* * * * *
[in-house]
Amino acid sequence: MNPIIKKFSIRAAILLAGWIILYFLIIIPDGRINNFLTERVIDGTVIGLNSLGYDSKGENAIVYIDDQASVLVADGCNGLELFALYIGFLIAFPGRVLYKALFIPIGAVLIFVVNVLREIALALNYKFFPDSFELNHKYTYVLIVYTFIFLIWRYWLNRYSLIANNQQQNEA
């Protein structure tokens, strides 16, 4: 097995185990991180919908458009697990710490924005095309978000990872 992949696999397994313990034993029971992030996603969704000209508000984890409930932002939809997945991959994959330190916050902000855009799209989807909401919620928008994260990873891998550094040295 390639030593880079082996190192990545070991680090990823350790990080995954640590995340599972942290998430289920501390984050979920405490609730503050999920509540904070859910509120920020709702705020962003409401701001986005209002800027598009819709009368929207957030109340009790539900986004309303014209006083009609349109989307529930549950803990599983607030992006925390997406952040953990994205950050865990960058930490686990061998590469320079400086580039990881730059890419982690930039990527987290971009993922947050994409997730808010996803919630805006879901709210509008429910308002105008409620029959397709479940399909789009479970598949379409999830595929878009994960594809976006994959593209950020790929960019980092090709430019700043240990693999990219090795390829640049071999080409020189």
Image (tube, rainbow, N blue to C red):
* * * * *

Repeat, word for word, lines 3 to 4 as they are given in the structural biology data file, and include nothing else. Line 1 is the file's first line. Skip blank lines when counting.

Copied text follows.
């Protein structure tokens, strides 16, 4: 097995185990991180919908458009697990710490924005095309978000990872 992949696999397994313990034993029971992030996603969704000209508000984890409930932002939809997945991959994959330190916050902000855009799209989807909401919620928008994260990873891998550094040295 390639030593880079082996190192990545070991680090990823350790990080995954640590995340599972942290998430289920501390984050979920405490609730503050999920509540904070859910509120920020709702705020962003409401701001986005209002800027598009819709009368929207957030109340009790539900986004309303014209006083009609349109989307529930549950803990599983607030992006925390997406952040953990994205950050865990960058930490686990061998590469320079400086580039990881730059890419982690930039990527987290971009993922947050994409997730808010996803919630805006879901709210509008429910308002105008409620029959397709479940399909789009479970598949379409999830595929878009994960594809976006994959593209950020790929960019980092090709430019700043240990693999990219090795390829640049071999080409020189």
Image (tube, rainbow, N blue to C red):